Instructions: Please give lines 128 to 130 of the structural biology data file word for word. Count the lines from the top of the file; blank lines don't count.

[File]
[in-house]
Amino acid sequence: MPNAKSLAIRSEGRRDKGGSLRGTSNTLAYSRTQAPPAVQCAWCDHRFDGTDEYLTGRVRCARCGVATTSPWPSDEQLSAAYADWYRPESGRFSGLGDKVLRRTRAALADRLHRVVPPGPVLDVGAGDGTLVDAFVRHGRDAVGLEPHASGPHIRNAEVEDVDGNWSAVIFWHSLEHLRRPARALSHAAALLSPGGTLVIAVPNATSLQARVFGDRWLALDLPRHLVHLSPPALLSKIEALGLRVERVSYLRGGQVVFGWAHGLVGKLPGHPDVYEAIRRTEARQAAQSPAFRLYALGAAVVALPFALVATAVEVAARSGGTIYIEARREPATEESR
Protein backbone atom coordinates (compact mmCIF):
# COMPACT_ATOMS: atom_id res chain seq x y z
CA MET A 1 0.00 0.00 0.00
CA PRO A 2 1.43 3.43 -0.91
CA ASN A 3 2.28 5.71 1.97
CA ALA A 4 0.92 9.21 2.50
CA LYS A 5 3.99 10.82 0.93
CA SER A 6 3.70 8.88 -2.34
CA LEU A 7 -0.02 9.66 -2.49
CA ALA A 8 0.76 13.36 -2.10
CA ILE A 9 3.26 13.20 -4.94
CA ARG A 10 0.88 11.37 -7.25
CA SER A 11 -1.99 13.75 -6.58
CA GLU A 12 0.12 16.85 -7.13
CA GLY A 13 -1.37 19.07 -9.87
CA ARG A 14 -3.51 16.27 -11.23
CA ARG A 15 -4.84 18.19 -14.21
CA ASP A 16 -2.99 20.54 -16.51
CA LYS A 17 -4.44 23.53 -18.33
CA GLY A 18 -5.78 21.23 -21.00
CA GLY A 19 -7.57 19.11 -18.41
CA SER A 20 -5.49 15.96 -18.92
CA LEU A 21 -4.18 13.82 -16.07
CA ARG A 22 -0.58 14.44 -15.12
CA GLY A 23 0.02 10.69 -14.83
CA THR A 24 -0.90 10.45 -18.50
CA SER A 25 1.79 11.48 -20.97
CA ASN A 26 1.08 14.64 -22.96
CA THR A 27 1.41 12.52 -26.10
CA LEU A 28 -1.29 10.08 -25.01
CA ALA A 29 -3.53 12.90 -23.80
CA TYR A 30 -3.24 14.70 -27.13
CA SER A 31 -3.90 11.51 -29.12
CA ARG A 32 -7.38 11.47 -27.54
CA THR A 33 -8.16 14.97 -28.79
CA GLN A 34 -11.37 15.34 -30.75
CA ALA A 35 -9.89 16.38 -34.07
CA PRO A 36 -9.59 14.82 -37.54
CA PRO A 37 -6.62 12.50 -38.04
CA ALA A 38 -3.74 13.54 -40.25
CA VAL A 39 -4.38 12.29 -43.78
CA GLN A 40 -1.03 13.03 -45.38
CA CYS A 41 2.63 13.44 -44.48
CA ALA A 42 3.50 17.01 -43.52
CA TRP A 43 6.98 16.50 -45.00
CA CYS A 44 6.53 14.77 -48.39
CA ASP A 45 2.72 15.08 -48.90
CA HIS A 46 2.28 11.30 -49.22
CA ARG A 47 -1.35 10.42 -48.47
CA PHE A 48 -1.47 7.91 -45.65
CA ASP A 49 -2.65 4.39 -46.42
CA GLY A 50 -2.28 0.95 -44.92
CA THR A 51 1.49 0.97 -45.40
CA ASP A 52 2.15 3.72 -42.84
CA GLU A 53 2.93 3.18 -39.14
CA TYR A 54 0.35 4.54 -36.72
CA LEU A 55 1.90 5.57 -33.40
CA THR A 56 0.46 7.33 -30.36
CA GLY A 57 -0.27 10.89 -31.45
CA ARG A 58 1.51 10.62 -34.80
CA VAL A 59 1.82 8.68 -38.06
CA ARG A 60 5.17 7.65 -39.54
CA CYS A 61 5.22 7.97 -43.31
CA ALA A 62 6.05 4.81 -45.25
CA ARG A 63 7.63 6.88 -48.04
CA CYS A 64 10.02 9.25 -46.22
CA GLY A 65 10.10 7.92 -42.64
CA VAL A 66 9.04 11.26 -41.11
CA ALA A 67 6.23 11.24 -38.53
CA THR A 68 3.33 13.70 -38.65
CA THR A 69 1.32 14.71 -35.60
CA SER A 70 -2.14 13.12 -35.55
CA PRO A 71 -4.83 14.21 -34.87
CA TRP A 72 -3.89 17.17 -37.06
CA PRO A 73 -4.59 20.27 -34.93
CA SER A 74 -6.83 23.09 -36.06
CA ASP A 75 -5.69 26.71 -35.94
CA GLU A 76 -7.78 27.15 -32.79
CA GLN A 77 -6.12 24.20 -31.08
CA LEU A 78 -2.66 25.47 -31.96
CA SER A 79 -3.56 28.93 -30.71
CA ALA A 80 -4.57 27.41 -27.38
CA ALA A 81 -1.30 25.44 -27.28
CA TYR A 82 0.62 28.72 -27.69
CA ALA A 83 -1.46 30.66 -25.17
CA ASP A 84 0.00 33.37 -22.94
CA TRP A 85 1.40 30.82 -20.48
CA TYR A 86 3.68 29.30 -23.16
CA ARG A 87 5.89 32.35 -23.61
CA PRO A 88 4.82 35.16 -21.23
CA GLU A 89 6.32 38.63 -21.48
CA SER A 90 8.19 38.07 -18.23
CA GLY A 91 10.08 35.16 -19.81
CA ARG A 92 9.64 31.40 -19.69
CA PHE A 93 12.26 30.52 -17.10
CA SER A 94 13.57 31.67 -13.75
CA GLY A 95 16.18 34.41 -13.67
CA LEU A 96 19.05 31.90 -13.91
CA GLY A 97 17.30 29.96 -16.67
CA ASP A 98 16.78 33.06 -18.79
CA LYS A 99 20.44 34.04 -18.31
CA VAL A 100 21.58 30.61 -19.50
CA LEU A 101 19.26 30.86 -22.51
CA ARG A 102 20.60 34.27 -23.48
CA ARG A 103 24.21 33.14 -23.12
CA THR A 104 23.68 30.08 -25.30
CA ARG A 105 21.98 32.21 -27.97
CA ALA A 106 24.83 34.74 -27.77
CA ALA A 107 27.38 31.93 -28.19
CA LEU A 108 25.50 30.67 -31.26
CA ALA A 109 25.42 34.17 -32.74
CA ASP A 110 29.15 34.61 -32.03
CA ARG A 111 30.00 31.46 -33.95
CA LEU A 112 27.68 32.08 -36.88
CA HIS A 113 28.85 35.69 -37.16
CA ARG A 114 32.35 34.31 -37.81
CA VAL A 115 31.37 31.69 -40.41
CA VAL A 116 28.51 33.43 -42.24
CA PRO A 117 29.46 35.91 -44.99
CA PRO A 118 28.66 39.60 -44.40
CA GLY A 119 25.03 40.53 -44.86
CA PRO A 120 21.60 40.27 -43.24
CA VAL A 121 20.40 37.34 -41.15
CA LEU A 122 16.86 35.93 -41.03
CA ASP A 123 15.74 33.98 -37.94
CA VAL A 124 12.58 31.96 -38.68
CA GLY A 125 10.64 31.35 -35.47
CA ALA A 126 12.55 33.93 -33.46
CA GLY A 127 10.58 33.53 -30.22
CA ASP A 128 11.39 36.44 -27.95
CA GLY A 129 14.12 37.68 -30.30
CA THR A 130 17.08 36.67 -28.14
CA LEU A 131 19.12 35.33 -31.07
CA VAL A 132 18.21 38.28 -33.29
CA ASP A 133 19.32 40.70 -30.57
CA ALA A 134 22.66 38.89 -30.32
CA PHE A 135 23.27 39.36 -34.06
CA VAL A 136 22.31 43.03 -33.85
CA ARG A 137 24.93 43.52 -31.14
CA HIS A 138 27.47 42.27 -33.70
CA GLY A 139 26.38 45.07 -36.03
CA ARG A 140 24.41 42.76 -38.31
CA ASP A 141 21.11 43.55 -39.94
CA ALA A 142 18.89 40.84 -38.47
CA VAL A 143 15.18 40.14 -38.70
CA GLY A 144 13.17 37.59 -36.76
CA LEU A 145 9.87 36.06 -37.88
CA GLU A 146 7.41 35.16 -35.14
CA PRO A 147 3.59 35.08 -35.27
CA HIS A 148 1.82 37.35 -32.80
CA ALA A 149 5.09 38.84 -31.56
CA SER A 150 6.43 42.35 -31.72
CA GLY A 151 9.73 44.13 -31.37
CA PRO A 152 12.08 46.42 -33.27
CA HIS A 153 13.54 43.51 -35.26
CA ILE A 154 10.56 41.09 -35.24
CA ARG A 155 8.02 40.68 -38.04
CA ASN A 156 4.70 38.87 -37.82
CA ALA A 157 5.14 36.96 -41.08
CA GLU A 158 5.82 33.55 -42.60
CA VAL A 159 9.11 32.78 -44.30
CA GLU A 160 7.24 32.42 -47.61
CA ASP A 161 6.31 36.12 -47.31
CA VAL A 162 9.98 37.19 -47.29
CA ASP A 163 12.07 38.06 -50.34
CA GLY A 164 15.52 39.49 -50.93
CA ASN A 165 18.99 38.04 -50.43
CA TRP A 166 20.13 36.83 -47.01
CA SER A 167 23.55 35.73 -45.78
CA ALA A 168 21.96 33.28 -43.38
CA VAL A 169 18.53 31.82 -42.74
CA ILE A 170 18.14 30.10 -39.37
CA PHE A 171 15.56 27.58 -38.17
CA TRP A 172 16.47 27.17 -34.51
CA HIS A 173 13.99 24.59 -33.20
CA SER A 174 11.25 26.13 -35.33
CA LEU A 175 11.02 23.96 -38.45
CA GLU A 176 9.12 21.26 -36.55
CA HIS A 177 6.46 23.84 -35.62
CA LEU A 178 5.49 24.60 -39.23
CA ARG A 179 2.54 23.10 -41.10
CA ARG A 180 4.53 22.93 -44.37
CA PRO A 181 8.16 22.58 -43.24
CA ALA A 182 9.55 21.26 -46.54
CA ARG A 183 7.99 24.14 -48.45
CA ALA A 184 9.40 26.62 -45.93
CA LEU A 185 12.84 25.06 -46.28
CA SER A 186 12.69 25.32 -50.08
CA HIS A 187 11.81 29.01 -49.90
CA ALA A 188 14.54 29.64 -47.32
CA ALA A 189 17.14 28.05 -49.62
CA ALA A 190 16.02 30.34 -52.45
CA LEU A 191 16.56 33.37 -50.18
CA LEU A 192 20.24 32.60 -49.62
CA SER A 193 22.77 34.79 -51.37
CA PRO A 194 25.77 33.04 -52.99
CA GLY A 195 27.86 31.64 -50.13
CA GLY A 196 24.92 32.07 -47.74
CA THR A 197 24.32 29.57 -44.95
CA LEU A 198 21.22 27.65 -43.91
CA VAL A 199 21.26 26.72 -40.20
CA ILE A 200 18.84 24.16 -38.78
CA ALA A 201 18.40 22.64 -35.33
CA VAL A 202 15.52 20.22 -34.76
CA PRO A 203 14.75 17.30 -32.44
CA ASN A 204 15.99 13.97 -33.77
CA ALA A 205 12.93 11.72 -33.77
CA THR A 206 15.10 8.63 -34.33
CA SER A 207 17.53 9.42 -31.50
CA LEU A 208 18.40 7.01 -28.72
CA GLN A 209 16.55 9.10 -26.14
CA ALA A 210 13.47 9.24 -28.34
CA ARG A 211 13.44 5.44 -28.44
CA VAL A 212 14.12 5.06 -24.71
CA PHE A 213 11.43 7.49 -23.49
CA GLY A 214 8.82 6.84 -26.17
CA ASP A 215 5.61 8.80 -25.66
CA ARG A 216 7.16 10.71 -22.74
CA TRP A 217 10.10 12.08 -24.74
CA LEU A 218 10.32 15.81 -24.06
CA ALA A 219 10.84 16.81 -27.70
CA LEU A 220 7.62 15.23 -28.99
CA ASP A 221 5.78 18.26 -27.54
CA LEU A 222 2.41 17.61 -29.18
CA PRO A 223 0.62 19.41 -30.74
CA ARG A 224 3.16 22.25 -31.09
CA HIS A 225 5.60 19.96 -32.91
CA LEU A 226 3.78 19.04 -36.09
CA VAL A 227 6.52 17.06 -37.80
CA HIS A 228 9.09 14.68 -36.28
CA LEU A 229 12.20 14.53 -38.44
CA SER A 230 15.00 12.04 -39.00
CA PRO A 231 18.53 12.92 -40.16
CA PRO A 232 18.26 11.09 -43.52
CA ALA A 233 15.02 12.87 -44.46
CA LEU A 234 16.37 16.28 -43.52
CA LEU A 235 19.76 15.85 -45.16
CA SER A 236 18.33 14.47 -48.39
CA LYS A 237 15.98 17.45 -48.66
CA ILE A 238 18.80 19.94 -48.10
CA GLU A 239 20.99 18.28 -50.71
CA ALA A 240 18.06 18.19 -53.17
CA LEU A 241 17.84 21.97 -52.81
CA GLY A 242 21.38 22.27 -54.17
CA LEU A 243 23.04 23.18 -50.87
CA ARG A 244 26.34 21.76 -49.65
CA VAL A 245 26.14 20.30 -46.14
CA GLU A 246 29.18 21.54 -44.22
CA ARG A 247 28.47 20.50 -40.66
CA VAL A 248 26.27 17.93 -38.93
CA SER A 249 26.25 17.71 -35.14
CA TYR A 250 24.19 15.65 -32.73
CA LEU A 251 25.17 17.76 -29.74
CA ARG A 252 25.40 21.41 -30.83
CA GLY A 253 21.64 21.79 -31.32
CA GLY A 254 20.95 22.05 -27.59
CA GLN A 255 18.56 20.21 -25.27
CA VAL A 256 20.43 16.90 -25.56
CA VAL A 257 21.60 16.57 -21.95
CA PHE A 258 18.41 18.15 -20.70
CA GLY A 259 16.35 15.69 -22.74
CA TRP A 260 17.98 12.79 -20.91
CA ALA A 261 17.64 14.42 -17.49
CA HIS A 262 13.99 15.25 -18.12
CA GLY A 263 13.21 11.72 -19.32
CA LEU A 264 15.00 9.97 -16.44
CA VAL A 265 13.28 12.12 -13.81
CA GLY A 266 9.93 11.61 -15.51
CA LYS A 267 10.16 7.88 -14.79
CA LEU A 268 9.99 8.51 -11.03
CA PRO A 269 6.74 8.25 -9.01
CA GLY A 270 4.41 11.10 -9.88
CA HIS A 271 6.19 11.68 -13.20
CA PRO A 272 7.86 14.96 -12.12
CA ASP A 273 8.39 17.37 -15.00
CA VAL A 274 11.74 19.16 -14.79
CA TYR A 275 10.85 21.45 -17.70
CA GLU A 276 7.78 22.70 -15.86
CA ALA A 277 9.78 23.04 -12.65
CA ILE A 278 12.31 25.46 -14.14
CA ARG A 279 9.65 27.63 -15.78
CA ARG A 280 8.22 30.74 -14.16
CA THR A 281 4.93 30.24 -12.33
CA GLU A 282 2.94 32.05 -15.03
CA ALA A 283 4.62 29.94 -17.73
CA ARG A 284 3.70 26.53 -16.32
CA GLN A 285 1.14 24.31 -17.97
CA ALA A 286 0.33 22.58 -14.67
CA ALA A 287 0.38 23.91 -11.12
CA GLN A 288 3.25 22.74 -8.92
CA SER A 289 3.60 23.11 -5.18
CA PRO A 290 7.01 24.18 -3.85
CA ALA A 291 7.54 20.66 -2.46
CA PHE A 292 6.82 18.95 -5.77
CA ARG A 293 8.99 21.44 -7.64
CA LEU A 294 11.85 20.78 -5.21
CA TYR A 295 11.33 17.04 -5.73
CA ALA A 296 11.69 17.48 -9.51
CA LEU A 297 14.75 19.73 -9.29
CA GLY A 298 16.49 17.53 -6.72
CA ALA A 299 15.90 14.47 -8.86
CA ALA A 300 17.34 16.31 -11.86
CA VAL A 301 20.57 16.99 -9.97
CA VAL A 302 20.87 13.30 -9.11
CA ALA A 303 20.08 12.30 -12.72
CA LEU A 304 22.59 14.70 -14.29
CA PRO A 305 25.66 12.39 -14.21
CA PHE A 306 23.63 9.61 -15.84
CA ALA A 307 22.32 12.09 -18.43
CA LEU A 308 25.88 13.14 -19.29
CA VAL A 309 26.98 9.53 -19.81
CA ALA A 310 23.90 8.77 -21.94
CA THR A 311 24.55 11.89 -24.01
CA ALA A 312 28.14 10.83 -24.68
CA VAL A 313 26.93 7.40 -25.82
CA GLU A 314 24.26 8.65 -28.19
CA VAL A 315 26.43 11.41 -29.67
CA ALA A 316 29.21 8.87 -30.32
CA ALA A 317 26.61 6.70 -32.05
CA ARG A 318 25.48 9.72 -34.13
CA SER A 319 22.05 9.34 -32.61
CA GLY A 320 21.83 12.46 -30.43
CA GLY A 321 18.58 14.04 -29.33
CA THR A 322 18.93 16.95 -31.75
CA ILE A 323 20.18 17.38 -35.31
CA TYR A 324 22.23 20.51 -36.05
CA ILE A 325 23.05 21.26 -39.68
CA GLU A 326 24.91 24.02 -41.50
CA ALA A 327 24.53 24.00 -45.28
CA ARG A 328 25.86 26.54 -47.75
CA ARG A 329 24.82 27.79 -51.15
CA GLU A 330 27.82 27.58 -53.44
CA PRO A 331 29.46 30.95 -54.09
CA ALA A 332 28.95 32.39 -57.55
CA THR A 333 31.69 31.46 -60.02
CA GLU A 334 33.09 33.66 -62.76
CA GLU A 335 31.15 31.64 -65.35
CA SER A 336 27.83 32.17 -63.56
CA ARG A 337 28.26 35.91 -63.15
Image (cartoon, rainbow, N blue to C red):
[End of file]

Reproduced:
CA VAL A 124 12.58 31.96 -38.68
CA GLY A 125 10.64 31.35 -35.47
CA ALA A 126 12.55 33.93 -33.46